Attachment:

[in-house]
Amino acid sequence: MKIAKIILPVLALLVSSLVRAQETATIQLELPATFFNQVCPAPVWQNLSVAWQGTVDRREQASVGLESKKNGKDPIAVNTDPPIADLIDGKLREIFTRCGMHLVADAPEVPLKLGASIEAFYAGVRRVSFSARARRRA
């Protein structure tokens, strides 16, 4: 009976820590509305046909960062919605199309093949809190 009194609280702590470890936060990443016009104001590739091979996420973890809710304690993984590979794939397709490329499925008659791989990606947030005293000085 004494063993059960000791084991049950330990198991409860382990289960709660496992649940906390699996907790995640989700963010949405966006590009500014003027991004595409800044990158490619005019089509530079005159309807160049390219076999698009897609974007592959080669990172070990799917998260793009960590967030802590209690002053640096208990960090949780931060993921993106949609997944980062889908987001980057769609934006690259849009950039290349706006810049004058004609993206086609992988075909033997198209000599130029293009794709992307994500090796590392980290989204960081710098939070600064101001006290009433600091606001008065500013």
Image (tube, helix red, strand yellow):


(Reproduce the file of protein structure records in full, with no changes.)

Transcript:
[in-house]
Amino acid sequence: MKIAKIILPVLALLVSSLVRAQETATIQLELPATFFNQVCPAPVWQNLSVAWQGTVDRREQASVGLESKKNGKDPIAVNTDPPIADLIDGKLREIFTRCGMHLVADAPEVPLKLGASIEAFYAGVRRVSFSARARRRA
């Protein structure tokens, strides 16, 4: 009976820590509305046909960062919605199309093949809190 009194609280702590470890936060990443016009104001590739091979996420973890809710304690993984590979794939397709490329499925008659791989990606947030005293000085 004494063993059960000791084991049950330990198991409860382990289960709660496992649940906390699996907790995640989700963010949405966006590009500014003027991004595409800044990158490619005019089509530079005159309807160049390219076999698009897609974007592959080669990172070990799917998260793009960590967030802590209690002053640096208990960090949780931060993921993106949609997944980062889908987001980057769609934006690259849009950039290349706006810049004058004609993206086609992988075909033997198209000599130029293009794709992307994500090796590392980290989204960081710098939070600064101001006290009433600091606001008065500013």
Image (tube, helix red, strand yellow):